In 2012 the Ocean Health Index project - comprising dozens of marine scientists from around the world - created a system to distill the overall ocean health indicators for every coastal nation to a single number, from 0 to 100 (www.oceanhealthindex.org). The nations with high numbers have relatively healthy oceans; the nations with low numbers have unhealthy ones. Aimed at spurring improvements to ocean governance and health, the Ocean Health Index (OHI) establishes reference points for sustainable use of the ocean in 10 areas representing the range of benefits that a healthy ocean can provide (e.g., food provision, carbon storage, biodiversity, coastal livelihoods and economies).
Published last year, OHI scores by country and territory ranged from a high of 86 (Jarvis Island, a US territory) to a low of 36 (Sierra Leone). Global OHI scores have just been updated - the second annual assessment - and will launch on 15 October. As of that day, the full list of updated scores will be available at www.oceanhealthindex.org/Countries
The Ocean Health Index collaborative will release its first regional indices in the coming months - for Brazil, Fiji, and the US West Coast. These regional indices use local data for more precise assessments. The collaborative will also release a toolbox to make the computational framework for the Index available to scientists and policy-makers around the world - allowing institutions to create their own local and regional indices.
Ben Halpern from the University of California at Santa Barbara's National Center for Ecological Synthesis and Analysis is the lead scientist for OHI. We spoke with him about applying the Index at the local and regional level.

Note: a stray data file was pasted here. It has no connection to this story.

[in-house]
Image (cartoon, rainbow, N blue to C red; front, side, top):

MEAM: Can you give some examples of how the regional indices could be used in policy-making?
Halpern: Several countries have efforts underway to develop their own national Index with sub-national scores, with the intent to use the results to help guide decisions about how to alter ocean management in those regions. The UN's World Ocean Assessment will be using the Index in its assessments. We are also exploring collaborations with several of the regional planning processes in the US, which are emerging as part of the US National Ocean Policy, to develop and use the Index to inform regional planning and decision-making.
We see a lot of potential for agencies, organizations, corporations, and even individuals to use the Index to raise awareness about the multi-dimensional nature of ocean health, how all the pieces fit together, and how their actions (or inaction) can affect overall ocean health beyond the direct impact of those actions. With guidance from policy and decision-makers about realistic management options, the new Toolbox will allow a wide variety of users to explore the potential outcomes of different management scenarios.
MEAM: Did you encounter any challenges in creating these regional indices?
Halpern: The number one challenge for calculating the Index, at any scale, is data gaps. Even on the US West Coast, which is one of the best studied and measured regions on the planet, we encountered many data gaps. But the Index is flexible on these data challenges. It allows use of best available proxy measures and can adapt how goals are measured based on the data and knowledge that exist in a region.
For more information:
Ben Halpern, National Center for Ecological Synthesis and Analysis, Santa Barbara, US. E-mail: halpern [at] bren.ucsb.edu